Saturday, August 24, 2019

Right back at ya!

Some two and a half years ago, I started a three-parter on discrimination on this blog. That was one of the last posts I wrote in a long time. That three-parter was something that had been brewing in my head for a very long time, so I still intend to get back to it eventually and write the remaining two parts. The second part is one that will be more or less the same no matter when I write it, except that I might learn a thing or two and change my opinion a bit. The third part is one that is much more related to the things happening in the world at the moment, so its content will largely be dictated by when I do actually write it.

Today I want to do something different, though. I want to comment on something that I wrote in the first part, and add to it the understanding that I have gained since I wrote it. Let's start by quoting what I wrote in the past.

However, there is this strange other side to [the word nigger], where it is accepted if a black person says it. I would understand this if it was about intention and sometimes a bit of it is about intention. However, the word is also considered racist if it is used by a white person without intending to insult. If anything, the fact that white people cannot use the word while black people can sounds like racism to me.

I don't really want to get into whether calling someone a nigger is racist. I do think that I can say without evoking any controversy that you generally shouldn't call someone a nigger. Black people generally don't like being called a nigger and that should be more than enough reason not to do so. I think that by extension, we can say that is often okay for one black person to call another black person a nigger. And by putting it like that, I think that we can clearly see that the idea that whites cannot use this term isn't actually racist. After all, it's not that they are actually not allowed to say the word, it's that they shouldn't.

Today, I want to look at why a white person shouldn't call someone a nigger while a black person can do this if they want to. When I wrote that, I didn't understand it at all, and I think that the quote above very much shows that. I think I understand it a bit better now, so that's why I'm writing this.

My understanding of this changed completely when I read something on the internet. I don't know where I read it or who wrote it, but what they had written was that when you can respond with "right back at ya", an insult is much more of a playful thing than an insult.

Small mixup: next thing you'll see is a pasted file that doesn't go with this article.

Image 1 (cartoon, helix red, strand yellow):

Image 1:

And that's basically all there is to it. It's basically that any insult doesn't really hit as hard when it could also be used against the one using it. For that, it doesn't matter what the insult itself is. It could be some way in which a person is not neurotypical, it could be related to a hobby that isn't considered normal by the mainstream, it could be almost anything else. The key is that when the one using the insult falls in the same category, they can't really mean it as an insult, so it's playful rather than truly an insult.

Of course, being a white male was the first thing that made it hard for me to understand the way this worked for a word like nigger. However, while I think that made it hard, I also think that nigger is also a more or less unique situation where we took things to the extreme. Just like how I think that for many people the main reason it's a "bad word" is because they have been taught it's a bad word, I think that for most people a black man using the word is accepted behavior because they have been taught it's accepted behavior. And we've taken things to a rather extreme point to begin with by basically saying a word is not okay regardless of context or intention, and making basically implying that it's always just in friendliness when a black guy says the word is a similar extreme to me.

At the end of the day, understanding where this difference in judgement of people based on their skin color helped me understand why this isn't actually a problem. I'm not entirely sure if I think this is a good way to tackle problems, but at least now I understand. And if you didn't before, maybe now you can too.

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